Over the past few years, higher education institutions have seen an increase in litigation from an unexpected source: bankruptcy trustees. Trustees appointed in personal bankruptcy cases are seeking to claw back tuition payments made by insolvent parents in the months or years preceding their individual bankruptcies. The trustees argue, under both state and federal statutes, that the payments are fraudulent transfers because the tuition (or the education) did not inure to the benefit of the parents and, therefore, the money should be recovered and distributed pro rata to the parents' creditors.

In response to a recent Wall Street Journal article on this subject, on May 12, 2015, Congressman Chris Collins (R-NY) introduced a bill that would prohibit bankruptcy trustees from filing lawsuits to recover "good faith payment of post-secondary education tuition." We will follow the progression of "The PACT (Protecting All College Tuition Act) of 2015"; meanwhile, colleges and universities remain in the sights of bankruptcy trustees.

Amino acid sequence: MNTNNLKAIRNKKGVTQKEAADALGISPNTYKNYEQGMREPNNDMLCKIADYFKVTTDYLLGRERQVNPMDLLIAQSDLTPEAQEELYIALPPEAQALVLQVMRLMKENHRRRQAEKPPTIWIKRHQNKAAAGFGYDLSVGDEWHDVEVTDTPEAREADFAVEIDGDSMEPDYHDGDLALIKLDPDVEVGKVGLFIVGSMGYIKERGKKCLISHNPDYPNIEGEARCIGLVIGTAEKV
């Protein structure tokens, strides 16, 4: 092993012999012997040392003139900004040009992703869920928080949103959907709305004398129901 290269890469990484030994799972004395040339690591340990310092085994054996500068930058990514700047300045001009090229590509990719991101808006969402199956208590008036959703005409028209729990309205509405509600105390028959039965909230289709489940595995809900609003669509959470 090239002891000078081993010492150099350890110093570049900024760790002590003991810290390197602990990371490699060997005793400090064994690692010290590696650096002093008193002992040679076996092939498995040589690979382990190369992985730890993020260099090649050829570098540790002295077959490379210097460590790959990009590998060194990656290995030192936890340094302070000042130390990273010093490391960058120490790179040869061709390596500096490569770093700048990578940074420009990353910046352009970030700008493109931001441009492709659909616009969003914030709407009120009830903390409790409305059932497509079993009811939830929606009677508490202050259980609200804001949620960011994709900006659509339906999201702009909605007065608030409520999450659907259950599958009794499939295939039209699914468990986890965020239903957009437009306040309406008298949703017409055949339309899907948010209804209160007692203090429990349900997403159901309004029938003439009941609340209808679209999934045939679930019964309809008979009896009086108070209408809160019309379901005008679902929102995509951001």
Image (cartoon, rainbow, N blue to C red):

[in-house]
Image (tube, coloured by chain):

Ballard Spahr's Bankruptcy, Reorganization and Capital Recovery Group has compiled a number of factors to consider as potential defenses to these claims, including:

  • Whether the student was a minor at the time of the payment and/or whether applicable state law requires the payment of education expenses for students over the age of 18;
  • Whether the parents have the required property interest in the funds from which the tuition payments were made (e.g., proceeds of student loans or 529 plans);
  • Whether the date of the parents' contributions to savings accounts and 529 plans put the alleged fraudulent transfers outside of the applicable statute of limitations; and
  • Whether tuition payments to nonprofit institutions can be considered charitable donations, which are not subject to recovery under the applicable provisions of the Bankruptcy Code.

We would be happy to discuss any of the issues raised by these claims and possible defenses. Please contact Bankruptcy, Reorganization and Capital Recovery Group Leader Vincent J. Marriott, III, at 215.864.8236 or marriott@ballardspahr.com, Tobey M. Daluz, partner in the Bankruptcy, Reorganization and Capital Recovery Group, at 302.252.4440 or daluzt@ballardspahr.com, or the Ballard Spahr attorney with whom you work.


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Bankruptcy, Reorganization, and Capital Recovery
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